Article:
While some jazz labels invest heavily in the remix phenomenon, pumping up the beats and turbocharging the tempo to make dance music for the coffee-bar crowd (as if Billie Holiday’s music needs more impact), piano trios, jazz’s most pristine and discreet setting, have quietly taken over the music. Top practitioners like Brad Mehldau, Jason Moran, and the Bad Plus sell out midsize rock venues these days, and the next wave is arriving quickly, led by 28-year-old Texas native Robert Glasper. His third and latest album, In My Element, is the first significant jazz disc of the year; the music is direct, forceful, inventive, and accessible without pandering.
It’s easy to hear why the best jazz today comes in threes. Beyond the simple advantage of low overhead, the sparseness of the instrumentation allows the harder rhythms of pop to shine while still being capable of the complex sonic texture necessary to pull off the odd Radiohead cover. Mehldau popularized the jazz-guy-does-Radiohead, offering up a pensive, wistful rendition of “Exit Music (For a Film)”; Glasper does his own inspired riff on the concept on In My Element.
For Glasper, the trio enables him to heighten the drama and sense of surprise in his playing. With a bare minimum of bandmates, he has total freedom. “It’s an intimate setting,” he explains over lunch on Park Avenue South. “There aren’t too many people in the band to communicate with, and my guys [bassist Vicente Archer and drummer Damion Reid] know the direction I’m going without me having to speak it.”
In My Element showcases the degree to which Glasper has developed and refined his pop sensibility. Crossing music boundaries comes naturally to him, the way it does to many young jazz musicians these days. When Branford Marsalis began gigging with the Grateful Dead in the late eighties, purists bugged out. At the time, jazz was vying for highbrow status, for inclusion in the performing-arts institutions and academies. Now that it’s succeeded, Glasper and his contemporaries don’t have the snobs on their backs, or at least not as many of them. Kitsch remains a danger, though. Glasper escapes it because he unfailingly gets the feeling right. His music is guided by an elegant evocation of the emotion in the song—then his formidable chops muscle into the picture.
Glasper comes from Houston, where he was mentored by his late mother, a star singer and pianist on the local blues and gospel scene. He took up the piano somewhat late, in adolescence. “I was totally into sports until I was 12, then I went to an all-black junior high school and discovered that I wasn’t as good as I thought I was,” he says with a laugh. Following in Moran’s footsteps, he attended the Houston High School for the Performing Arts, then came east to the New School. Before long, Glasper was out on the road with jazzers like Kenny Garrett and Roy Hargrove and even did time in the touring bands of Mos Def and Q-Tip. These hip-hop gigs were lucrative for a young pianist, even if he had to hew to a very tight style. “Playing in a hip-hop setting requires more discipline than playing jazz,” he says while rocking back and forth as if playing a church organ. “You have to learn how to duplicate that sample, playing the exact same thing over and over again with the same inflection.”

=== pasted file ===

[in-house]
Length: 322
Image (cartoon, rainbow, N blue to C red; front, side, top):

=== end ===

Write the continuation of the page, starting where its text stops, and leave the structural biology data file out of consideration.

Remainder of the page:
Glasper’s hookup to the scene came via a classmate at the New School, Bilal, a great but underappreciated singer who arrived about five years too late to get on the Maxwell/Lauryn Hill/Erykah Badu soul train. Glasper’s knowledge of hip-hop (as a teenager, he was a huge fan of A Tribe Called Quest’s early-nineties classics) helped him fall right in with the crowd. “A lot of hip-hop cats are jazz heads on the low,” he says. He shows his hip-hop fluency on In My Element by dedicating a track to late hip-hop genius J Dilla (nicely capturing Dilla’s gift for blending mood and melody within slamming beats), and on other tracks, you can hear rap’s rhythmic edge, gently abstracted both in Reid’s drumming and in Glasper’s own staccato figures. “I bring some of the hip-hop influence to my playing,” he says. “Sometimes less is more. A lot of guys my age don’t know that.”
The track on the album that will likely garner the most attention is Glasper’s mash-up of Herbie Hancock’s classic “Maiden Voyage” with Radiohead’s “Everything in Its Right Place.” The idea came to Glasper while rehearsing one afternoon. It’s no shotgun marriage; the tunes blend beautifully, and ardent jazz fans will also recognize Duke Ellington’s “Fleurette Africaine” wafting gracefully into the mix. Glasper has been incorporating sly acoustic samples like this in his work since his first indie release, Mood, three years ago, and while it might seem like a very of-the-moment technique, it goes back at least as far as Louis Armstrong. It’s a good measure of Glasper’s gift for balancing tradition and innovation.
All jazz has to wrestle with history, but Glasper’s doesn’t hark back to gilded ballrooms or smoky hipster clubs of 50 years ago. Instead, you can hear a different scene reflected in his music: the late nineties, when Fort Greene and Clinton Hill were blowing up. The local clubs and cafés moved easily from deep house and trip-hop to down-tempo jazz and blues while maintaining a base in neo-soul. “That was a very important time for me,” he says. “I had a weekly gig where I got to try out a lot of new songs and sharpen the art of the trio.” That scene is largely gone, a victim of fickle trends and rising real-estate values, but it lives on in Glasper’s fluid, engaging music.